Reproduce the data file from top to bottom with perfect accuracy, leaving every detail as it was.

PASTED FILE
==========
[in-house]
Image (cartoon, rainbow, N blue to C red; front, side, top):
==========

[in-house]
Image (cartoon, rainbow, N blue to C red; front, side, top):